Children of the Betsy B by Malcolm Jameson
I MIGHT never have heard of Sol Abernathy, if it hadn't been that
my cousin, George, summered in Dockport, year before last. The moment
George told me about him and his trick launch, I had the feeling that
it all had something to do with the "Wild Ships" or "B-Boats," as
some called them. Like everyone else, I had been speculating over the
origin of the mysterious, unmanned vessels that had played such havoc
with the Gulf Stream traffic. The suggestion that Abernathy's queer
boat might shed some light on their baffling behavior prodded my
curiosity to the highest pitch.
We all know, of course, of the thoroughgoing manner in which
Commodore Elkins and his cruiser division recently rid the seas of
that strange menace. Yet I cannot but feel regret, that he could not
have captured at least one of the Wild Ships, if only a little boat,
rather than sink them all ruthlessly, as he did. Who knows? Perhaps
an examination of one of them might have revealed that Dr. Horatio
Dilbiss had wrought a greater miracle than he ever dreamed of.
At any rate, I lost no time in getting up to the Maine coast. At
Dockport, finding Sol Abernathy was simplicity itself. The first
person asked pointed him out to me. He was sitting carelessly on a
bollard near the end of the pier, basking in the sunshine, doing
nothing in particular. It was clear at first glance that he was one
of the type generally referred to as "local character." He must have
been well past sixty, a lean, weathered little man, with a quizzical
eye and a droll manner of speech that, under any other circumstances,
might have led me to suspect he was spoofing--yet remembering the
strange sequel to the Dockport happenings, the elements of his yarn
have a tremendous significance. I could not judge from his language
where he came from originally, but he was clearly not a Down Easter.
The villagers could not remember the time, though, when he had
not been in Dockport. To them he was no enigma, but simply a
local fisherman, boatman, and general utility man about the harbor
I introduced myself--told him about my cousin, and my interest in
his boat, the Betsy B. He was tight-mouthed at first, said he
was sick and tired of being kidded about the boat. But my
twenty-dollar bill must have convinced him I was no idle josher.
"We-e-e-ll," he drawled, squinting at me appraisingly through a
myriad of fine wrinkles, "it's about time that somebody that really
wants to know got around to astin' me about the Betsy B. She
was a darlin' little craft, before she growed up and ran away to sea.
I ain't sure, myself, whether I ought to be thankful or sore at that
perfesser feller over on Quiquimoc. Anyhow, it was a great
experience, even if it did cost a heap. Like Kiplin' says, I learned
about shippin' from her."
"Do I understand you to say," I asked, "that you no longer have
"Yep! She went--a year it'll be, next Thursday--takin' 'er Susan
This answered my question, but shed little light. Susan? I saw I
would do better if I let him ramble along in his own peculiar
"Well, tell me," I asked, "what was she like--at first--how big?
>"The Betsy B was a forty-foot steam launch, and I got
'er secondhand. She wasn't young, by any means--condemned navy craft,
she was--from off the old Georgia. But she was handy, and I
used 'er to ferry folks from the islands hereabouts into Dockport,
and for deep-sea fishin'.
"She was a dutiful craft--" he started, but broke off with a dry
chuckle, darting a shrewd sideways look at me, sizing me up. I was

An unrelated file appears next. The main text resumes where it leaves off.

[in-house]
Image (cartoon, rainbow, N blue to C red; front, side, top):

listening intently. "Ye'll have to get used to me talkin' of 'er like
a human," he explained, apparently satisfied I was not a scoffer,
"'cause if ever a boat had a soul, she had. Well, anyhow, as I
said, she was a dutiful craft--did what she was s'posed to do and
never made no fuss about it. She never wanted more'n the rightful
amount of oil--I changed 'er from a coal-burner to an oil-burner,
soon as I got 'er--and she'd obey 'er helm just like you'd expect a
"Then I got a call one day over to Quiquimoc. That perfesser
feller, Doc Dilbiss, they call him, wanted to have his mail brought,
and when I got there, he ast me to take some things ashore for 'im,
to the express office. The widder Simpkins' boy was over there
helpin' him, and they don't come any more wuthless. The Doc has some
kind of labertory over there--crazy place. One time he mixed up a
settin' of eggs, and hatched 'em! Made 'em himself, think of that! If
you want to see a funny-lookin' lot of chickens, go over there some
"I shall," I said. I wanted him to stay with the Betsy B
account, not digress. His Doc Dilbiss is no other than Dr. Horatio
Dilbiss, the great pioneer in vitalizing synthetic organisms. I
understand a heated controversy is still raging in the scientific
world over his book, "The Secret of Life," but there is no doubt he
has performed some extraordinary feats in animating his creations of
the test tube. But to keep Abernathy to his theme, I asked, "What did
the Simpkins boy do?"
"This here boy comes skippin' down the dock, carryin' a gallon
bottle of some green-lookin' stuff, and then what does he do but trip
over a cleat on the stringer and fall head over heels into the
Betsy B. That bottle banged up against the boiler and just
busted plumb to pieces. The green stuff in it was sorta oil and stunk
like all forty. It spread out all over the insides before you could
say Jack Robinson, and no matter how hard I scoured and mopped, I
couldn't get up more'n a couple of rags full of it.
"You orter seen the Doc. He jumped up and down and pawed the
air--said the work of a lifetime was all shot--I never knew a mild
little feller like him could cuss so. The only thing I could see to
do was to get outa there and take the Simpkins boy with me--it looked
sure like the Doc was a-goin' to kill him.
"Naturally, I was pretty disgusted myself. Anybody can tell you I
keep clean boats--I was a deep-sea sailor once upon a time, was
brought up right, and it made me durned mad to have that green oil
stickin' to everything. I took 'er over to my place, that other